1. Your internal recruitment metrics focus on the wrong KPIs
In our article on the hidden costs of recruitment, we argued that retention was the true metric for successful executive recruitment. Failure to retain employees costs the UK economy over £2billion each year. If your internal recruitment KPIs are based around time to hire, CV to interview ratios and interview to hire ratios... then you’re missing the whole point of a successful recruitment campaign.
2. You think that more recruiters mean better candidates
Using multiple agencies to fill your vacancy does not motivate your recruiter to do a better job. In fact, it has the opposite effect. Recruiters want to dedicate their time to quality work on your behalf.
More agencies give you more CVs.... not better CVs.
You’ll get a representation of the available candidates within easy reach of the recruiters rather than a representation of the best candidates. Contingent recruiters grade your job according to level of “fillability” and a highly competitive job equates to low priority. Your recruiter will do the bare minimum to submit a shortlist once they have finished working on more fillable jobs for other companies.
3. You aren’t incentivising your internal recruiters or your recruitment agencies in the right way
If you demand the best candidates but then incentivise your recruiter by paying a low margin, a lengthy rebate period, massive payment terms and a raft of competition, it’s no wonder your recruiter isn’t providing the service you need. This also goes for your internal recruiters. If you are incentivising them on fill rates or time to hire, then you won’t get the right outcome.
Instead, incentivise your recruiter to deliver the desired outcome. The true value of any recruitment process is to ensure that the person is still in the post in a year, two years or three years later. Get your recruiter focused on the right job. After all you’ll pay more if you must fill that role twice in the space of six months.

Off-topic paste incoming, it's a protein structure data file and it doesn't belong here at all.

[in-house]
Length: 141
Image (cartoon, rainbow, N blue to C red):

4. Salary and reward structure out of date
This is straightforward. You are offering last year’s salary for this year’s job. Reward structures move so quickly that you need to keep your finger on the pulse. When big pieces of regulation or hot topics hit the market, you need to be aware that salaries go up dramatically and you’ve got to react accordingly. Use your recruitment partners effectively to provide official or unofficial benchmarking. It’s worth investing some money to get a tailored piece of work if you can.
5. Your process doesn’t show that it values applicants
According to Indeed.com, 70% of applicants judge a prospective employer by their recruitment process. Too many recruitment processes are too slow and opaque and fail to move candidates smoothly or quickly through the process. Everyone wants to feel valued by their employer and this applies equally to prospective employers. Waiting for weeks on a response to a CV or feedback for interviews gives a subtle indication that people are applicants rather than valued future colleagues.
6. You aren’t pipelining talent
Your Internal Recruitment teams are under enormous pressure to create ROI by focussing their energy on today’s open requisitions. They don’t have the time or resources to focus on tomorrow’s hires and preparing to meet demand for potential recruitment is so distant that it might as well be next century.
However, this pressure to focus only on today creates a vacuum in some critical talent processes. You don’t recruit for the very best talent. Instead, you recruit for the best available talent. You don’t identify, engage and nurture the talent which creates strategic future growth. You don’t build a rock solid, engaged pipeline for the future. With no succession, you aren’t protected when your best people resign and you are always starting from scratch when any new role is opened.
7. You approach all hiring with the same template
Different jobs require different skills and different behaviours to succeed. Some recruitment processes are so rigid that they apply the same screening, online tests, behavioural assessments and interview questions to every role. Your process should be designed to get the best out of people. Unfortunately, too many processes are designed to “qualify out” rather than “qualify in”.
8. Failure to sell your opportunity
Too often, hiring companies think that candidates should be grateful for the chance to interview with them. That is reflected in speed of process, quality of communication, interview style and even down to your careers site and job descriptions. With the level of choice and competition for in demand skills at an executive level, you’ve got to focus much more on the motivations of prospective employees. You need to design a far less transactional process which identifies the wants and needs of each target audience and individual candidate.
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